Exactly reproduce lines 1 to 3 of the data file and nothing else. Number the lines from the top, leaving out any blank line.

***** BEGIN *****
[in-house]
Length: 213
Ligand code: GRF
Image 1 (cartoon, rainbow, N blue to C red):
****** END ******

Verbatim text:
[in-house]
Length: 213
Ligand code: GRF